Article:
The One with Rails

I did some programming in Rails today. On my own, even!

We (almost) finished our implementation and testing for handling the “published” event and talked briefly about what should happen for the revoked event before their team’s refinement meeting. After the meeting, my buddy had another meeting and I used this time to start implementing the rest.

I was actually quite surprised how well it went. I had some test as a basis to work off from, my notes from us talking about this earlier, our commits from yesterday and this morning, and a code base that I was vaguely familiar with from years ago. So I started by copying the specs from the other event and changing initial states and assertions and worked my way through the application from there. They have built a structure for very easily processing external domain events, building and handling internal commands and building test data that made it quite easy for me.

I felt like although I did a lot of copying, I understood most of what I was doing there. I’m just a bit confused by calling lots of functions without any arguments because the objects I need are just lying around for me to use wherever I need them. And it took me a while to be able to interact with their state machine but once I got it, I was amazed by how cool the syntax of its helper functions is.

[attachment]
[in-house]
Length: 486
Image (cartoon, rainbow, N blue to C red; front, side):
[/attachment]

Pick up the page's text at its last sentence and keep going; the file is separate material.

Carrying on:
Another thing I noticed was how used I am to formatting on save. When we started using the formatter in our projects, it always confused me when my code jumped around when I hit save. But now it’s just really weird to me when I have to properly indent my lines and things like that. Which brings me back to the fact that it really annoys me that VS Code doesn’t show the syntax errors when it can’t format on save. How times change …

In the afternoon we refactored my code a bit to make better use of some of their standards and then we were done. That was quick. I wonder why that was so much quicker and easier than most of the things we do in our team. Was I just lucky with a very simple ticket? Do they have lots more configured already than we have? Is it because Rails has some better helper functions than the kind-of-young Phoenix? Is it because I mainly changed state and that’s the main purpose of object-oriented languages? I guess that’s some things we can talk about tomorrow (and then later with my team mates).